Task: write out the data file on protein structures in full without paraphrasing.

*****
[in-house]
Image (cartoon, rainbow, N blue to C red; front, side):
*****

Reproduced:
[in-house]
Image (cartoon, rainbow, N blue to C red; front, side):